Bloomberg himself, who along with his groups spent more than $112 million on the 2018 midterm elections, has yet to engage directly with the 2020 candidates. Since declaring in March that he would not seek the White House himself, he has spoken to just one presidential hopeful — former Vice President Joe Biden — according to Howard Wolfson, Bloomberg’s political aide.
Everytown’s questionnaire includes queries about whether candidates support universal background checks, restricting assault weapons and high-capacity magazines, and repealing a 2005 law — which Sanders, then a House member, voted for — that gave gun manufacturers immunity from civil lawsuits related to shootings.
Sanders’ past positions on gun control loom over the debate in 2020. In 1990, he won his first federal race for the House with NRA support. Throughout much of his career, Sanders was seen as a friend to the gun rights movement, backing the 2005 immunity bill and opposing legislation that would have installed a five-day waiting period to purchase a handgun.
After being attacked repeatedly for his past positions during the bruising 2016 contest with Clinton, Sanders in 2016, and again in 2017, co-sponsored legislation to repeal the gun manufacturers’ immunity. He earned Everytown’s Gun Sense Candidate distinction during his 2018 Senate re-election bid, as did each of the Democratic presidential candidates on the ballot last year.
Sanders is hardly unique in the Democratic presidential field for having changed his position on gun control. Sen. Kirsten Gillibrand had the NRA’s endorsement during her 2008 House re-election bid, Rep. Tim Ryan of Ohio had an A-minus NRA rating in 2012 and Gov. Steve Bullock of Montana had a B-minus rating in 2012. Sen. Michael Bennet of Colorado had a C-plus rating in 2010.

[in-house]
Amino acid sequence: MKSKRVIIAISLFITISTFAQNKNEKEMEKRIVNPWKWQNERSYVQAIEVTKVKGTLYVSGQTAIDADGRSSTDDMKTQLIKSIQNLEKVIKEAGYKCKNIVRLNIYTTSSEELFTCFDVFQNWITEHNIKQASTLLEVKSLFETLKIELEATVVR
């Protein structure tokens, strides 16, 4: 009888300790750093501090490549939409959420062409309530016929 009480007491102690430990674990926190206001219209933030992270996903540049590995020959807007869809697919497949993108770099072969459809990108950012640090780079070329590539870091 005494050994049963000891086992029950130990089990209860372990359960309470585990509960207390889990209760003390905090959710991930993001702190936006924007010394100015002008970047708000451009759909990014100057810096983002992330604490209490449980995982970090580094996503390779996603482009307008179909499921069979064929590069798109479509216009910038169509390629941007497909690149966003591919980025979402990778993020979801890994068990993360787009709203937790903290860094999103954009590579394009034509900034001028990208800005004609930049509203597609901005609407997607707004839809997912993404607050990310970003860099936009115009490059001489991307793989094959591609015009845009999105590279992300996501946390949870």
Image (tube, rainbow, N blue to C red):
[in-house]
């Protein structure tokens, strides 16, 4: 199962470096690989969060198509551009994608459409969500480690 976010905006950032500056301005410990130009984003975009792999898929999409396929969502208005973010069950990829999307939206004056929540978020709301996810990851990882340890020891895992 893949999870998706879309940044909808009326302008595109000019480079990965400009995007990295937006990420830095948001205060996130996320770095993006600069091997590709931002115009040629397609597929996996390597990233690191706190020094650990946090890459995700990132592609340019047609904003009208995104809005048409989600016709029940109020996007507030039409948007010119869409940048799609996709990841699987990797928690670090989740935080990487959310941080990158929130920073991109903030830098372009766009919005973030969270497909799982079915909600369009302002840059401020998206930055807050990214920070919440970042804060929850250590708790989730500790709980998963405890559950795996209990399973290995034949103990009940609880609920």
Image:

Bennet, Gillibrand and Ryan were all rated F by the NRA during their most recent re-election campaigns. Bullock earned a C from the NRA in 2016 and last year announced his support for a federal ban on assault weapons. Sanders received a D-minus NRA rating in 2012 and an F in 2018.
But while leading gun control advocates largely welcome Bullock, Gillibrand and Ryan as converts, they remain wary of Sanders, a vestige of hurt feelings remaining from his 2016 campaign against Clinton. Both Everytown and Giffords, the anti-gun organisation founded by former Rep. Gabrielle Giffords, endorsed Clinton — whose opposition research book on Sanders included 13 single-spaced pages under the heading “Bad on guns” — during the 2016 primary.
“It’s important that we see a little bit more from him on the campaign trail,” said Peter Ambler, the executive director of Giffords’ organisation. “It’s fair for voters to expect him to consistently and forthrightly address the issue, and he really needs to communicate to the millions of gun-safety activists and voters across the country that he’s the person, if he’s elected president, who will take the fight to the NRA and prioritise the fight.”
(For her part, Giffords sent an email praising Sanders’ record on gun control during the 2018 midterm election, as part of a fund-raising pitch to Sanders supporters for her organisation.)
In his campaign announcement video in February, Sanders said “we must end the epidemic of gun violence in this country” and called for expanded background checks and a ban on the sale of military-style weapons.
“Senator Sanders will continue pushing for policy that reflects the urgency of this national crisis, including his 3-decades-old support for an assault weapons ban,” Sanders’ campaign spokeswoman, Arianna Jones, said.
Swalwell, whose campaign has yet to attract broad support or attention, has proposed the most robust gun control proposal in the form of the mandatory buy-back of military-style weapons. The 38-year-old congressman said he drew his proposal from conversations with high school students who fear a school shooting.
“Those students want us to negotiate up rather than down. We don’t want to just play defence on every shooting,” he said.
Swalwell said, if he qualifies for the party’s presidential debates this summer, he won’t attack fellow Democrats who have opposed gun control reforms in the past.
“I’m not trying to shame anybody on this issue because there’s room for evolution,” he said.
Booker’s proposed federal gun licensing programme would enact a minimum standard for gun ownership. Applicants would apply for a gun license like they do for passports and would have to submit fingerprints and sit for an interview with a federal agent. Harris said her executive actions would include mandating background checks for customers of firearms dealers who sell more than five guns per year.